Saturday, March 28, 2009

Valecianos Spend All Year Building "Las Fallas" & Then Burn Them

Hola queridos,

Las Fallas is a Spanish festival that happens once a year. The reality is,this fiesta takes an entire year of planning (they literally start working on next year's Falla the immediate day after the festival is over)!

The fiesta occurs in Valencia, Espana, which is Spain's 3rd largest city and located here -

Here are examples of some of the Fallas...they're like stationary floats made out of wood and styrafoam material. The mainly critize certain people (all are fair game except the King), current situations, etc...So although I didn't understand all of the "inside-ness," they were still a pleasure to look at!

(This one is critizing the "mayor" of the town who's critized Las Fallas)

(This one received first place!)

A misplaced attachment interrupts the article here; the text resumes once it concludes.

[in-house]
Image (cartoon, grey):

(And of course something about Obama)

This a picture of the Virgen, an image that's closely related to Valencia. It's made completely out of smelled wonderfully!

Fireworks, fire, loud noises are all apart of this fiesta! At 2 PM they did an amazing display of fireworks, even though it was daylight, the sounds and sight of all the smoke was really rather impressive.

Valencia also had a Starbucks! This time they got a little closer to spelling my name.

Beautiful streets and look at all the people! Some 1 million people crowd this city on this day!

A soccer field...but still no hottie soccer players... sorry Cathy!

For the fiesta they also had typical Paella served from this massive dish as well as other foods made right on the street!

Finally, in the evening (or more like 2 AM), they burn the Fallas.. here's a picture at night...
..and here is the Falla burning.

This was an amazing fiesta that I will have in my memory forever and ever.


Sunday, March 22, 2009

Cordoba and Mezquita from the VII Century

Hola queridos,
In Cordoba, Espana, I visited the second largest mosque in the world (the first is the Meca). Constructed in the VII century, this is pure history still in existance today and quite possibly the greatest 8 euro investment thus far. We easily spent an entire afternoon impressed by the beauty of this place of worship.